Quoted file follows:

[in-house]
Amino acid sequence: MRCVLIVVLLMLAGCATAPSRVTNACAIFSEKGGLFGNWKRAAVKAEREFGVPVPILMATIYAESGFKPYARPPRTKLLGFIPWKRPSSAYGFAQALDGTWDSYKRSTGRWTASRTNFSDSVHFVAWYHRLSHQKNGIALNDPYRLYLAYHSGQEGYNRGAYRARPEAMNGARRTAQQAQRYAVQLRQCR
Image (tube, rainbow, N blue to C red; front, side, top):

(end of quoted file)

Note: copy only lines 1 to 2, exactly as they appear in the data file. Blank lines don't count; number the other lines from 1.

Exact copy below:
[in-house]
Amino acid sequence: MRCVLIVVLLMLAGCATAPSRVTNACAIFSEKGGLFGNWKRAAVKAEREFGVPVPILMATIYAESGFKPYARPPRTKLLGFIPWKRPSSAYGFAQALDGTWDSYKRSTGRWTASRTNFSDSVHFVAWYHRLSHQKNGIALNDPYRLYLAYHSGQEGYNRGAYRARPEAMNGARRTAQQAQRYAVQLRQCR